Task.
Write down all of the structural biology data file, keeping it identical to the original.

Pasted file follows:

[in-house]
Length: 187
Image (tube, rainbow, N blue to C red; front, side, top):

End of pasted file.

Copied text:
[in-house]
Length: 187
Image (tube, rainbow, N blue to C red; front, side, top):